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March 16, 2011     Sentinel Tribune
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March 16, 2011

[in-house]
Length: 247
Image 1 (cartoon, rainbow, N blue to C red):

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SENTINEL TRIBUNE VIEWPOINT Wednesday, March 16, 2011 Page 4 BETWEEN THE LINES By Tom Merchant - Sentinel Tribune -- Getting Charlie off Page I ... Charlie Sheen has commanded more than his share of publicity late- ly. It's a shame it took a historic event like a 9.0 earth quake and a tsu- nami to bump his sorry soul from the top of the page, so to speak, and that is all l am going to say about him. According to Japanese officials the past week's events have been termed as the worst thing to happen in Japan since World War II. Watching film of the quake and tsunami was really chilling. The tsunami surge seemed to wash vehicles, and buildings in an effortless motion. The persons killed or missing are thought to be in the thousands. Also three nuclear power gen- erators have been seri- ously damaged, with danger from radiation looming. Japanese offi- cials claim they can con- trol the reactors, and are using sea water to cool them. I noticed a photo from Japan showing a govern- ment worker standing near several civilians. He or she was wearing a full hazmat suit and respira- tor, however the civilians were only wearing surgi- cal masks. I suppose this will no doubt energize the anti nuke crowd. Personally I am in favor of nuclear power. In this country our nuclear plants have a very good safety record, and I am not the least bit worried about the safety of them. Having said that, I don't feel it is very smart to build these plants on sites located on top of or near known earth quake fault lines. I do think our country needs to look at France for some of our technolo- gy. As nuclear waste is an issue in this country, France has figured out a way to re-use their spent fuel rods. There is no sense in reinventing the wheel. Back to the tsunami. After the quake there was warnings for the tsunami to hit Hawaii and the west coast of the United States. Later there were reports of people going down to the beaches to watch the waves coming in. Are these people brain dead or what? Later I heard that five people were washed out to sea trying to photograph the waves. Four of them were res- cued, but the fifth one has not been found. I guess if it were not for Mother Nature and stupid humans the media wouldn't have near as much to write about. Have a good week and do good! LETTER TO EDITOR National Agriculture Day Food and farmers are always taken for granted. March 15 is National Agriculture Day and all farmers should be complimented on their role in our economy. Food and farming is every day, and our farm- ers in Minnesota and the nation are valuable. Everyday recognition of Minnesota agriculture may be a reality this legislative session. Our Minnesota Legislature is consider- ing S.F. 340, authored by Senator Gary Kubly (DFL-Granite Falls), a special license plate bill which would direct the Minnesota Department of Transportation in consultation with organizations that represent farmers, to design a license plate recognizing Minnesota agriculture. Agriculture in Minnesota is 25 percent of our economy and brings in $16 billion of cash to our state coffers and supports 1.5 jobs in all economic sectors. Eighty percent of all agriculture-related jobs are off- farm. Farms in Minnesota supply food, fuel and fiber for all. Minnesota farming is the second largest economic sector and the sec- ond largest employer. A simple license plate can send a powerful message of support for Minnesota farmers. Call your state representative and state senator and ask then to support Minnesota's agriculture license plate bill. Warmest regards, Doug Peterson Minnesota Farmers Union President Madison, Minnesota AI Bart... "Stories from the BaH Cave" Getting rich I was deep in the heart of taxes. My wife was herding receipts when the phone rang. I was expecting a call from the fellow who sold me a retire- ment policy that allowed him to retire early, but the caller was a friend of a friend of a barber who drinks coffee each morning with the neighbor of my second cous- in. He talked as if we'd known each other forever. He had an investment opportunity that he wanted to share. He wanted me to invest in memorabilia from the old TV show Happy Days. It was a Fonzie scheme. He hit me with some financial waterboard- ing, hoping to hook me with his amazing get-rich-quick proposi- tion. I refused to be hornswoggled. I said, "If it's so good, why share it? Keep it all to yourself." There is always a fly in the ointment. If it sounds too good to be true, it is. Such plots cause your money to bid you adieu (As Mrs. Chips said to Mr. Chips, "Goodbye.") or lead to you hav- ing lunch with Bernie Madoff. If you want to double your money, fold it. That works best with paper money. The caller decided that he wasn't going to be my best friend. Before he hung up, he asked if I wanted to be rich. I didn't have an answer. It'd be nice to be able to buy things without worrying about how I was going to pay for them, but then I'd have to worry about more possessions. Worry is a terrible thing. Worrying is like rocking in a chair. It gives you something to do but it doesn't get you anywhere. A neighbor buys stale bread so he doesn't have to worry about it going stale. Another neigh- bor didn't believe in spending money. He had no electricity. He advised that if I wanted to be rich like him, I needed to eliminate all my monthly bills. That made sense, but I like flipping a switch that illuminates my world. A fellow who shared my ZIP Code went to the butcher shop each week to get bones for his dogs. He didn't have any dogs. He wanted free soup bones. His was a meager existence. By appearance, he had nothing. No one thought he had two nickels to rub together. When he died, his church got a surprise. I'll bet you've guessed what hap- pened. He left the church all those bones. Riches defy definition. To some, having a large supply of black jellybeans is being rich. Mr. Spock from Star Trek advised us to live long and prosper. We learn that time is the true wealth, but money is important. We've been using a medium of exchange since that day Og hit Grak on the head with a rock. That was payment for the furry animal that tasted like trout that Og intended on swiping from Grak after he conked Grak's melon with the rock. That was when Og discovered that Grak had a pile of rocks. Once Og's head wounds healed, he wished that he, too, were rich in rocks. We begin early in our search for wealth. We dig in our moth- ers' purses and behind sofa cushions in the pursuit of loose change. We dream of striking it rich in goldfields or lotter- ies. Some individuals become wealthy--by hard work, skill, good luck, inheritance, or frugal- ity. The Bible says that it is easier for a camel to go through the eye of a needle than for a rich man to enter the kingdom of God. Have you tried stuffing a camel through the eye of a needle? It's almost as difficult as stuffing a rich man through the eye of a camel. My neighbor Nora Lenderbee is wealthy. She has the Midas touch. Everything she touches turns to mufflers. She turned her muffler shop into piles of money. Back when the want ads didn't want her, the census said she didn't count, and she read recipes for lunch, Nora's first job was cleaning henhouses. She was paid little for a nasty job. One day, while shoveling fetid chicken droppings, Nora made a promise. She vowed that when she became a wealthy woman, she would pay for the college education of a young woman cleaning chicken houses. Nora meant to keep that prom- ise. Until she became rich. Work can be its own reward. Working hard to become rich is like trying to start a fire by rub- bing two sticks together. If you rub the sticks long enough, you'll be warm without a fire. AI Batt 2011 71622 325 St. 1-1, MN 56042 00odq Et: \\; L Sentinel Tribune (ISSN 8750-3905) Thomas Merchant Managing Editor Junette Merchant Office & Production Joan Spielman Office & Production Jessica Noding Marketing Specialist Published every Wednesday at Westbrook, Minnesota 56183 Periodicals Postage Paid at Westbrook, Minnesota 56183 SUBSCRIPTION PRICE FOR THE SENTINEL TRIBUNE WILL BE: In the following counties'. Cottonwood, Redwood, and Murray $38.00 per year. Elsewhere in Minnesota $42.00 per year. Out of the state $48.00 per year. Canada and foreign countries inquire at the Sentinel Tribune Office. If wrong amount is submitted subscrip- tion will be pro rated accordingly. "Snowbirds" may put their paper on hold at no extra charge while they are gone, or pay $5.00 extra to have it mailed out of state. 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